NEW YORK (AP) — Detectives on Monday searched for a balding, middle-aged man seen wearing an overcoat and carrying a duffel bag after a shopkeeper was shot dead as investigators tried to figure out whether a violent armed robber or a serial killer had slain three Middle Eastern business owners in the past four months.
Police Commissioner Raymond Kelly said nothing was being ruled out just yet in the mysterious Brooklyn killings of shopkeepers of Middle Eastern descent. The most recent killing happened Friday afternoon when Rahmatollah Vahidipour, a Jewish man from Iran, was shot three times in the head and chest at his store, the She She Boutique.
"The possibility of a bias motive here is something that can't be excluded," Kelly said.
After the latest killing, detectives discovered the same gun was used in the fatal shootings of two other shopkeepers when ballistics matched the .22-caliber gun shell casings on all three. On July 6, Mohamed Gebeli, 65, an Egyptian immigrant and a Muslim, was found shot in the back of his shop, Valentino Fashion Inc. On Aug. 6, Isaac Kadare, 59, also Egyptian but Jewish, was shot in the head in his store, Amazing 99 Cent Deal.
There were other similarities, authorities said: The bodies were all partially obscured by clothing or, in one case, a box. The shops all lacked surveillance cameras, and the owners were alone in the store. The locations of the shops form a triangle and are each about 4 miles (6.4 kilometers) apart, with addresses that contain the number eight. Money was taken from everyone but Vahidipour, 78, who had $171 in his pocket.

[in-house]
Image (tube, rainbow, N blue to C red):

"We're trying to put it together. We're talking to the FBI; we're doing an all-out effort to solve these murders," Kelly said.
The FBI released a statement Monday night saying the NYPD had formally requested the agency's help.
Supervisory Special Agent Martin Feely of the FBI's New York office said, "The FBI will be providing assistance, to include expertise from the Behavioral Analysis Unit."
He said the NYPD would remain the lead investigative agency.
A day earlier, police released photos of four people — including the man with the bag — who might have witnessed the most recent shooting. They spoke to two of them — a woman and a man seen running in surveillance footage — and ruled them out. Apparently the woman had stolen perfume from the man, a street vendor, police said.
Detectives are combing through nearby security footage to search for any shreds of evidence.
Kelly said it's reasonable to think the shooter had canvassed the area to find locations where no cameras existed.
"Here you have three stores where the proprietor is there by himself, no cameras in any of these," he said. "You'd have to speculate that some sort of reconnaissance was going on before the murders took place."
Kelly said they would like the man in the overcoat to come forward and identify himself. The commissioner said no one has been named a suspect and no arrests had been made.
The killings chilled local shopkeepers.
"Pretty nerve-wracking that a serial killer is on the loose in Brooklyn. You know it's the third one with the same gun," said Howard Prince, the manager of a business near the She She Boutique. Prince said police were stressing that no one should work alone.
"I mean that's not the part the concerns me," he said. "The part that concerns me is you take somebody's life that's 78 years old for no reason."
Associated Press Television reporter Ted Shaffrey contributed to this report.